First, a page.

Brief description of the installation of a Rifle Nightflight fairing on a 93 Nighthawk 750

(provided by Martin S.)

PREFACE: This is a little report about the Rifle NIGHTFLIGHT fairing which I installed on my '93 Honda Nighthawk last week. I was looking for a windscreen which was low in profile and did not distract from the looks of the bike, yet provided some protection from the wind blast on the frontal areas of the body at highway speed. Rifle and Targa had the only two offerings which seemed to fit the bill. I ruled out the Targa due to its high(er) price: $280 as compared to $179 for the Rifle. The windshield on the Targa fairing appears to be more slanted also, which would indicate that the wind protection wouldn't be as good.
MOUNTING: Mounting the fairing does not take very long - you should be able to do it in one evening. The mounting hardware is a "universal" kit and should work on most bikes. There are several modifications I had to make. The headlight is secured to its bracket by two bolts, one on each side. The nut inside the headlight housing is a "capped" nut, allowing the mating screw to be screwed in about 1/2" at the most. The new bolts which you need to mount the fairing extend too far. You can't use the old screws, because you cant loosen them enough and slip the mounting bracket in -- they're too short. I decided to cut the "cap" off of the nut, and it actually only took a minute. Clamp the nut in a vise and cut off the cap. You're left with a regular nut which doesn't prohibit a screw from being screwed in as far as you want.

The front of the fairing is mounted to the headlight bracket as described above. The fairing is also supported by two "struts"; one end of the strut is mounted to the triple clamp, the other to a metal plate on the inside of the fairing. The metal plate is rectangular and has two sets of holes, evenly spaced apart. The one set is where the plate is riveted to the fairing, a larger set of hole is where the struts are attached. Unfortunately, one of the plates was riveted on through the large holes, causing the plate to just pop off !! With some forethought, they could have spaced the holes apart in such a way that the person mounting the plate couldn't accidentally rivet through the large holes. The difference in the size of the holes is pretty minor when you look at them, but makes a major difference when riveted incorrectly.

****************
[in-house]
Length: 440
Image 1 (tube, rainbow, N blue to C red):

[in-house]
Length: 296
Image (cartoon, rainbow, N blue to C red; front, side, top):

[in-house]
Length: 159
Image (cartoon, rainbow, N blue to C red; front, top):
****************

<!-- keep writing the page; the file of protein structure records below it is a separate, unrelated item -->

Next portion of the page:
I drilled out the rivet and re-riveted the metal plate through the correct holes. Thank god I had the proper tools on hand (and I was too anxious than to wait for a replacement fairing). The next problem came trying to mount the struts to the triple clamp and the metal plate. The struts are adjustable in length to allow for different mounting configurations, but even fully collapsed they were a little too long. After the proper combination of finesse and extreme physical violence I got them mounted also. I called Rifle and they said I was supposed to have gotten a set of short struts instead. They're mailing the new ones to me as we speak. As for the fairing itself - I ordered the polyurethane black paint option, which matches my bike perfectly. The four point mounting system is very stable and I haven't seen it shift at all. I ordered the standard clear windshield, which works out perfectly. The top of the windshield is below my field of vision.

CONCLUSION: Today I had the chance to really see if the wind blast is reduced, as it got down to 40 deg. F here in Austin. What a difference ! To summarize: It does a great job of significantly reducing the wind blast to the chest area. It's mounting system is very stable and looks really good on my bike. Make sure you specifiy that you want the short struts, and if possible ask them to make sure the metal plates are riveted on properly. I'm sure I'm not the first person who has had difficulties with that.

Submitted by: martin.schuessler@amd.com

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